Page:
When you become a pet parent you don’t automatically become a veterinarian -- nor can you tackle any illness or injury that befalls your beloved cat or dog; no one expects you to! It is a great idea, though, to have a basic understanding of how to address health issues or injuries that could happen to your pet so you can keep them safe until you get to your veterinarian.
One of the best ways to be prepared for an emergency is to first be aware of the need for a pet first aid kit. Just as your medicine cabinet is stocked for injuries or illnesses that may occur to a human family member you should have a fully-stocked first aid kit, or two, for your furry family members.
Here are ways in which a pet parent can be prepared to handle pet emergency situations.
- Know the dangers where you live. Some areas are more prone to snakes – who wake up when the temperatures get warmer – have a snake bite kit if you live in this area. If you live in an area of the country that has extreme temperatures, be aware of the signs of dehydration in your pet. What kind of poisonous plants grow naturally where you live? Know what these plants look like and how to treat your dog if he gets into one of them.
- Have a relationship with your veterinarian. Ask whether they have after-hour emergency service, if not, where should you go and to whom should you speak?
- If your dog or cat gets hit by a car or a bicycle, do know how to pick him up without causing further harm? Do you know how to slow bleeding from an injury? Do you have a muzzle available? A hurt dog is prone to bite because he’s in pain – yes, even your mild-mannered dog could lash out if he’s in pain.
- Cuts and scrapes are common in dogs and cats. They can be treated like the would be in a human – wash the area thoroughly, make certain there is no debris inside the cut or scrape. Don’t put any antibiotic cream on your pet if it’s in an area she could lick off.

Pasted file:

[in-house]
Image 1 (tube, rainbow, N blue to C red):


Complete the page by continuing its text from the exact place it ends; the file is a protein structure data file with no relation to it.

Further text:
- Sunburns are an issue for white dogs and cats. If your white or light-colored dog or cat will be in the sun, don’t forget to use sunscreen to protect his delicate skin, don’t forget to put dog-friendly sunblock on his nose and ears as well. Remember, if it’s hot, the pavement has the potential to burn your pup’s delicate paws.
The American Red Cross offers these suggestions as to how to stock your pet first aid kit. Fill it with the following:
- Gauze pads
- First aid book
- Instant cold pack
- Cloth strips to use as a tourniquet
- Antibiotic ointment
- Your pets health record and any medications he takes
- Splints and something to carry your dog on if you have to lift him
- Phone numbers for local and national poison control
- Your veterinarian’s phone number
The Red Cross has a mobile pet first aid app that you can find here.
In our next post for Pet First Aid Month we will discuss simple pet first aid tips for the pet parent.
April is Pet First Aid Month and in celebration of keeping our pets safe, we will be giving away a free Pet First Aid kit to the first 100 people who place orders this month. Shop Now.